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LEADERSHIP: Achieving a balanced approach

Leadership is the key quality, which all managers need to develop, irrespective of whether they are leading a small team of just two or three people, or leading a major corporation.

Leadership involves utilizing a sensible balance of:

Knowledge - e.g. knowledge of business in general and their business in particular, of strategy, of global markets

Understanding - e.g. understanding of people and of working relationships

Skill - e.g. specific professional and job skills and managerial skills like communication, negotiation, organization and so on and, perhaps most important of all,

Sound common sense.

There cannot be one, all-encompassing definition of leadership. This is because:

(a) Leadership involves a whole range of skills, attitudes and behaviours


(b) The way in which people perceive leadership varies from person to person, and from organisation to organisation.

Even so, check out how description of leadership compares with the suggestions below.

'Leadership is about a sense of direction … it is knowing what the next step is.' John Adair, writing in The Director, in 1988.

'More leaders have been made by accident, circumstance, sheer grit or will than have been made by all the leadership courses put together,'


'Managers do things right; leaders do the right thing.' Warren Bennis; co-author of Leaders: Strategies for Taking Charge, Bennis, Warren and Nanus (New York, Harper and Row, 1985).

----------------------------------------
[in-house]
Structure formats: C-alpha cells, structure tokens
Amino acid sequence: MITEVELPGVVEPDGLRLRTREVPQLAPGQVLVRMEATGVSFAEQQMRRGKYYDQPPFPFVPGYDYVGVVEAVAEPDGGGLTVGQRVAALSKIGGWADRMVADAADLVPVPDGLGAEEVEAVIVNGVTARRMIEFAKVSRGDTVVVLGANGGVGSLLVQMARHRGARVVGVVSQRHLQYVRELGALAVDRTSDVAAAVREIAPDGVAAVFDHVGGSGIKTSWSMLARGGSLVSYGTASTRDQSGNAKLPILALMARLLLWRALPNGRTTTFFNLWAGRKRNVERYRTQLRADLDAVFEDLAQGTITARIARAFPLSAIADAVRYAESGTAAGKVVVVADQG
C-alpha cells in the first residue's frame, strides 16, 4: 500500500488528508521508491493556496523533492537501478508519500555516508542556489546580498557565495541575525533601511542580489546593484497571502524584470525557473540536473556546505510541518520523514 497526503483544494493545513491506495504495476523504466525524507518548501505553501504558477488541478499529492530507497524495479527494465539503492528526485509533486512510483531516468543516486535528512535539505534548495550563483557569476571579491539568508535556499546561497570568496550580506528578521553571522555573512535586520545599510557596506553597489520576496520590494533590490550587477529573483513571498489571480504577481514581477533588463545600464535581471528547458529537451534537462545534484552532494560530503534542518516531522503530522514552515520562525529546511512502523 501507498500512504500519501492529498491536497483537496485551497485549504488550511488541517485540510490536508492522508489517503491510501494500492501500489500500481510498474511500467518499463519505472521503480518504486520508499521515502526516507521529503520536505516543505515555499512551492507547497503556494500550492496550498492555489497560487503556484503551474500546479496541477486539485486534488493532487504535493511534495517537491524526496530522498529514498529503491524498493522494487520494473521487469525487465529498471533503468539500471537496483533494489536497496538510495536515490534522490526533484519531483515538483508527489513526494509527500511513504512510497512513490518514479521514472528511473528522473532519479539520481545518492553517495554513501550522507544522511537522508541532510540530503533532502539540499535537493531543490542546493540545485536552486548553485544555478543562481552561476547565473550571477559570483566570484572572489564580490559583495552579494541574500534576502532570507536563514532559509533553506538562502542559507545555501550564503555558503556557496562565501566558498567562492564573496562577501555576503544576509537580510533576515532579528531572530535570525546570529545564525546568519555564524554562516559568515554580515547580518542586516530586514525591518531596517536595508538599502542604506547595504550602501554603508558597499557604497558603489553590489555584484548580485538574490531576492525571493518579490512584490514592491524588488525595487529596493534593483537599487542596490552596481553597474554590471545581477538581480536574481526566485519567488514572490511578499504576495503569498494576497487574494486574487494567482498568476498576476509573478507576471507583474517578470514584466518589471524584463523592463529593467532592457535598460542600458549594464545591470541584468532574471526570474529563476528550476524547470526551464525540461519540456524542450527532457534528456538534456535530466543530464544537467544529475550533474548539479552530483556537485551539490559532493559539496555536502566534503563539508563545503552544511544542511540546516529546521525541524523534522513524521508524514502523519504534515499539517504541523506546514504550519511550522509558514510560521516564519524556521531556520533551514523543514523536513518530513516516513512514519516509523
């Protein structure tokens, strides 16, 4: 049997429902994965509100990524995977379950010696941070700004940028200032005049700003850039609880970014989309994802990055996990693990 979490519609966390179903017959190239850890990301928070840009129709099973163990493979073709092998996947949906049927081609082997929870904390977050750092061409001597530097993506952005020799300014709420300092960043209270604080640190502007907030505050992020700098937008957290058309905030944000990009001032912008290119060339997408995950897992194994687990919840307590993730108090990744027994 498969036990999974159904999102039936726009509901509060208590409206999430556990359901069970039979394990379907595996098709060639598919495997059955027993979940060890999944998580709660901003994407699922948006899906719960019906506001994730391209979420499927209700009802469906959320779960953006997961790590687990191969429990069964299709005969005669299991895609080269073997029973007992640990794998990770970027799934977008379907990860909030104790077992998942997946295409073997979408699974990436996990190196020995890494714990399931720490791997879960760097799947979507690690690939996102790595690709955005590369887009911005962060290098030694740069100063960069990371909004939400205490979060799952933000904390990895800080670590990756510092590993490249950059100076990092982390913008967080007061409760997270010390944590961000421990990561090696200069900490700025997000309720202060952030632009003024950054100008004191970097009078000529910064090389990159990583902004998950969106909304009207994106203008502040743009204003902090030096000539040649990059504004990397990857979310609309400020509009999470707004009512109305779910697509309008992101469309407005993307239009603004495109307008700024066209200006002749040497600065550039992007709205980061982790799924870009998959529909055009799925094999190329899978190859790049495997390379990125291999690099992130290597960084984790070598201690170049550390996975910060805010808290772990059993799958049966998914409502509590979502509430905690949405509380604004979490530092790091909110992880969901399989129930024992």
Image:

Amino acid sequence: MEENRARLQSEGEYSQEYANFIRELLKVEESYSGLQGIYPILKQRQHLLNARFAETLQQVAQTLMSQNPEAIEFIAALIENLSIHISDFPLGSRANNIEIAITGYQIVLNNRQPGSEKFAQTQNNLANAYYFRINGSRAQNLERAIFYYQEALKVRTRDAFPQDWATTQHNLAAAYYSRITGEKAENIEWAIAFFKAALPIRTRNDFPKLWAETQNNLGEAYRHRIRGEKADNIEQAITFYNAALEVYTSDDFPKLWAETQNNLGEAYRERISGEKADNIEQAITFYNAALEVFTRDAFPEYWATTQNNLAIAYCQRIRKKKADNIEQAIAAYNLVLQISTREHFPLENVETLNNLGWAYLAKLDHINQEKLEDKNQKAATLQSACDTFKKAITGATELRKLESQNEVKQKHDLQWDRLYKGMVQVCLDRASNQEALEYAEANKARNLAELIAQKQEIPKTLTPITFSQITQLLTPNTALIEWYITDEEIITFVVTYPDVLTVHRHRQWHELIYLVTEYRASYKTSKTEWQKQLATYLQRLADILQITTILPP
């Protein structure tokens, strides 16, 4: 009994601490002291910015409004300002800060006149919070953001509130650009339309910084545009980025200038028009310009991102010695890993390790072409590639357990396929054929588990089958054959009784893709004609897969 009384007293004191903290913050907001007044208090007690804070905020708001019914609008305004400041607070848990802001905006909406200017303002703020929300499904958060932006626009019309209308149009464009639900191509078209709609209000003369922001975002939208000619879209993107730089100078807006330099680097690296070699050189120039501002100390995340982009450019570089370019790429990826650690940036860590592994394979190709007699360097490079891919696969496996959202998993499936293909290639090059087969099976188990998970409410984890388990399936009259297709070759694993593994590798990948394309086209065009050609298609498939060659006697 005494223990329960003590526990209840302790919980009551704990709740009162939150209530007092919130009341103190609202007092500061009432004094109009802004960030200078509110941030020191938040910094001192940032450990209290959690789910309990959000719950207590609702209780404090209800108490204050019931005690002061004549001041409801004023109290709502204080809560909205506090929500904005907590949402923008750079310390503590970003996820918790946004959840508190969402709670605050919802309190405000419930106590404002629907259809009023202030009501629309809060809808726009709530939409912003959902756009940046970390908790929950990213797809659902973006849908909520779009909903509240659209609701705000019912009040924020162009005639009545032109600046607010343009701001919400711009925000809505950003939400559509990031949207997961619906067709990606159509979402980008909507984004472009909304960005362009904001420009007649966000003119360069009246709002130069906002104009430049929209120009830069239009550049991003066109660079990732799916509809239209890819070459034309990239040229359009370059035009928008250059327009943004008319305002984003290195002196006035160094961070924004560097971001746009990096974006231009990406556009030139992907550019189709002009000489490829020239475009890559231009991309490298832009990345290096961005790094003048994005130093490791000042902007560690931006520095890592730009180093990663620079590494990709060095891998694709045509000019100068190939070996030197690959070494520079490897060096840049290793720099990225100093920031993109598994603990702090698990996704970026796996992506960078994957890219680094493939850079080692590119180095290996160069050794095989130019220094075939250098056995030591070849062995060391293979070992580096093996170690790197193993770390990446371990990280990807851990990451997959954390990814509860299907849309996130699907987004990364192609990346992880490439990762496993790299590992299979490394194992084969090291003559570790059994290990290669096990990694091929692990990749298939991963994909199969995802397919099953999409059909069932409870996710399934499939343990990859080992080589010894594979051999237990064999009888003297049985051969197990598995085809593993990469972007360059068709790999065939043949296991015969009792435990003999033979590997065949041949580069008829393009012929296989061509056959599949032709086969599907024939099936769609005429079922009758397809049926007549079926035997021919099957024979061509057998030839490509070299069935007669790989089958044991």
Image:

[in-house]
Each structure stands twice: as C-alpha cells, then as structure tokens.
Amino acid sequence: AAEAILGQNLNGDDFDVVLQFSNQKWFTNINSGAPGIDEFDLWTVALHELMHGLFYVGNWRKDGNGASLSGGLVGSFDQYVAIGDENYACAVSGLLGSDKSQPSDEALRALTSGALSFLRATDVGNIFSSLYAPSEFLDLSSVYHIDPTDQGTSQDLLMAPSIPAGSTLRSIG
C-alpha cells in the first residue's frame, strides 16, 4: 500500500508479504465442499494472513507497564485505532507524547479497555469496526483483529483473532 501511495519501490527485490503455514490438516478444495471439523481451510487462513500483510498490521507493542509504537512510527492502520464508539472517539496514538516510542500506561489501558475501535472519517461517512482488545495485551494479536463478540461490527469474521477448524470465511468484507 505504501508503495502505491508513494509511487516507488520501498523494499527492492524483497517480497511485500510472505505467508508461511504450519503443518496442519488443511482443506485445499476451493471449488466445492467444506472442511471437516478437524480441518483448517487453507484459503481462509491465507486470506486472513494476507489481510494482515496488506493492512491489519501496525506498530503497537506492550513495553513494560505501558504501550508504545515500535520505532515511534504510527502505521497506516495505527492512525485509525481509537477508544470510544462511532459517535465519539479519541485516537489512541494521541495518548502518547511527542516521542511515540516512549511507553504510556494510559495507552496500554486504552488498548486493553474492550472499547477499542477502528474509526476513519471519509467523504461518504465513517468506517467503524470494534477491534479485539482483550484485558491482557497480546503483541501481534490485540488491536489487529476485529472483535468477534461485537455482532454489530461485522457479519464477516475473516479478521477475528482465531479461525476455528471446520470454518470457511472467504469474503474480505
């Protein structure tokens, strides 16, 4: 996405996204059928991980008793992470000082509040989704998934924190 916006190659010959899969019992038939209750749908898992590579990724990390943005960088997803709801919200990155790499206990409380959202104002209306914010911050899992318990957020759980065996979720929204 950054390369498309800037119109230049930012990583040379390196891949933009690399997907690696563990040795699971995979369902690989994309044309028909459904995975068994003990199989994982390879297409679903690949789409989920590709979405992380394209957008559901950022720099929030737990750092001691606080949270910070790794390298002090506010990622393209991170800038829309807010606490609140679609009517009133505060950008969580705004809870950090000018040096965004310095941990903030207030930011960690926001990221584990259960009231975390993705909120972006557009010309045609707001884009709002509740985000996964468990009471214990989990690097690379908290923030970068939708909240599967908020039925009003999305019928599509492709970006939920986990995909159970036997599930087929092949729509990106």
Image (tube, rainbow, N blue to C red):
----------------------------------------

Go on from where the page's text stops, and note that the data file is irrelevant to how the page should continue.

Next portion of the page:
'Leadership means winning people's hearts and minds.' David Gilbert-Smith, founder of the Leadership Trust.

'Leadership is concerned with building bridges and setting a new agendas.' John F. Kennedy, former president of the USA.

'Today's leaders have to be pragmatic and flexible to survive. Increasingly, this means being people rather than task-orientated.' Robert Sharrock, psychologist.

'But the most critical component in Mountbatten's leadership style was that he “connected”. He took immense trouble to connect with the people.' Sir Peter Parker, chairman of Mitsubishi Electric UK, Talking about Lord Mountbatten's leadership during the Second World War.

'Leadership ad management are in many respects the application of common sense, though this needs to be combined with humanity and a willingness to recognise your own fallibility and that of others. Good leaders acknowledge their mistakes.' Sir Colin Marshall, as Chairman of British Airways.

'A real leader, I think, is easy to recognise. He or she is the one who guesses the future, who can see what is needed to keep the organisation going - and going forward - and who can, most importantly, convince everyone in the organisation to follow his or her lead,' Valerie Strachan, Chairman of the Board of Customs and Excise, UK.

'Leaders are judged by what thwy do and this is measured against what they say. I the two are not in accord, ther will be confusion down the line and cynicism about the leadership. Confusion and cynicism are the enemies of purpose.' Sir Adrian Cadbury, former chairman of the Cadbury Chocolate Empire.